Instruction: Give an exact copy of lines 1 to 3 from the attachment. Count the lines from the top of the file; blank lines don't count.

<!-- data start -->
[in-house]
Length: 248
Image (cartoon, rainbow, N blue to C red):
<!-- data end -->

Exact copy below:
[in-house]
Length: 248
Image (cartoon, rainbow, N blue to C red):